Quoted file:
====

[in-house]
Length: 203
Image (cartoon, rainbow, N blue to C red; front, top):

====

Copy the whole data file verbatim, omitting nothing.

[in-house]
Length: 203
Image (cartoon, rainbow, N blue to C red; front, top):